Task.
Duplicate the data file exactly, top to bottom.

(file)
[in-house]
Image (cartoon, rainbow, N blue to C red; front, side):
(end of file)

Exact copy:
[in-house]
Image (cartoon, rainbow, N blue to C red; front, side):